Convoluted regulations and toothless enforcement define India’s food safety. With no regulating body to address contamination, Indians are condemned to eat and digest pesticide-laden vegetables, fruits and just about everything else.
There is virtually no effective way to check the indiscriminate use of pesticides because under the archaic Insecticides Act 1968, the regulation committee does not have the mandate to fix the acceptable daily intake of pesticides; nor does it set maximum residue levels (MRLs).
Result: Of the 180 pesticides currently registered, MRLs have been set for only 120. A study conducted by ICMR in 2000 showed that the MRL in India is around 31 per cent, which is far above the world average of two per cent. It is indeed worrisome that solution to this alarming problem finds no mention in the Food Safety and Standards Bill recently passed by our Parliament.
There is no comprehensive national policy on pesticides in the country. Moreover, legal loopholes have helped a thriving Rs 1,500 crore spurious pesticide industry. There is no provision in the Act to deal with counterfeit farm chemicals and the reputable companies, in whose name they are sold, have to prove in the court that they have not manufactured any sub-standard materials. A WHO study outlines that lack of adequate awareness among stakeholders, laxity on the part of enforcement agencies and long drawn court cases have made it difficult to check this thriving business, causing serious health hazards.
The outdated Prevention of Food and Adulteration Act (PFA) 1954 formulates and monitors standards of quality and purity in food. Though provisions of this legislation mandate fine and imprisonment for violating standards, not a single case of conviction has been reported till now, says Ravi Agarwal, director, Toxic Link.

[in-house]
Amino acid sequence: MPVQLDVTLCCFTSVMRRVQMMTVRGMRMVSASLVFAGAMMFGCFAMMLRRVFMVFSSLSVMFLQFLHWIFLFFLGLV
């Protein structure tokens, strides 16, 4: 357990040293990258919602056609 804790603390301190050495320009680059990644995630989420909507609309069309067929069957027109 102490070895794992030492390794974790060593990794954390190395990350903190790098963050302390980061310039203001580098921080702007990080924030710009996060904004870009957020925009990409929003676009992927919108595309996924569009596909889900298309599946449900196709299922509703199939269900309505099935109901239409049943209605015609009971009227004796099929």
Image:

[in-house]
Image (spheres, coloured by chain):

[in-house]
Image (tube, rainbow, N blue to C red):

The PFA lays emphasis only on adulteration and is not comprehensive enough to deal with contamination of food through animal feed and the entire food chain.
Under the PFA if a consumer complains of contamination, the sample is sent to a state laboratory. If it is found contaminated, the state labs cannot act on it and the samples have to be sent to the Central Food Laboratory (CFL). And if the report is not in the favour of the accused, it is a long way from the CFL to the courtroom. Enforcing standards remains almost non-existent as a result of this tedious process.
The new integrated food bill, which is yet to get the Presidential assent, will repeal the existing laws like PFA and Essential Commodities Act and establish a Food Safety and Standards Authority of India to regulate the last mile dhaba through “science-based standards.” But in the process, critics say, the legislation will remain a “paper tiger” and dilute the already weak regulatory framework to ensure food safety.
There is no dearth of food standards but the problem has always been their implementation. To do the latter, the new bill will still rely on local food inspectors who are poorly trained and have little incentive to perform their duties diligently. The bill leaves all the administration to the states, which will also have to bear the cost of enforcement. So, while the bill strengthens the central authority, the end result has to be achieved by the cash-strapped states.
Our policy approach to food safety should be based on prevention rather than control of food quality at the retail end. From cleaner production sites to packing, transportation and marketing, various interventions need to be made to ensure that our dinner plate is contamination free.
Food legislations globally are a catalyst for healthy growth of the sector and ensure regulations and strict implementation of standards to produce safe food.